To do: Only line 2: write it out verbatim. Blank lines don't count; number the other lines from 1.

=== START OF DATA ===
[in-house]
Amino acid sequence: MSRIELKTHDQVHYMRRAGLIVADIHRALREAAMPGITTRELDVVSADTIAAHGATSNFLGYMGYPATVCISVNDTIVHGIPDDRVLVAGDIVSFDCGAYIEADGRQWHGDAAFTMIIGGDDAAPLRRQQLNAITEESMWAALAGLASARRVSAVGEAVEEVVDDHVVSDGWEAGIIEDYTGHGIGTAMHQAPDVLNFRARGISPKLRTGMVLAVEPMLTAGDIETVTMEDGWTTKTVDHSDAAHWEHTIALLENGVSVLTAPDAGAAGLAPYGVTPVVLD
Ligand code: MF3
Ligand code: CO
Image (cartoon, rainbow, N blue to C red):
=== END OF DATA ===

Amino acid sequence: MSRIELKTHDQVHYMRRAGLIVADIHRALREAAMPGITTRELDVVSADTIAAHGATSNFLGYMGYPATVCISVNDTIVHGIPDDRVLVAGDIVSFDCGAYIEADGRQWHGDAAFTMIIGGDDAAPLRRQQLNAITEESMWAALAGLASARRVSAVGEAVEEVVDDHVVSDGWEAGIIEDYTGHGIGTAMHQAPDVLNFRARGISPKLRTGMVLAVEPMLTAGDIETVTMEDGWTTKTVDHSDAAHWEHTIALLENGVSVLTAPDAGAAGLAPYGVTPVVLD